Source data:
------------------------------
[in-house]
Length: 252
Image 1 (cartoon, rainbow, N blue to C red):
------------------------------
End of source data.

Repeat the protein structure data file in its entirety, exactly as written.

[in-house]
Length: 252
Image 1 (cartoon, rainbow, N blue to C red):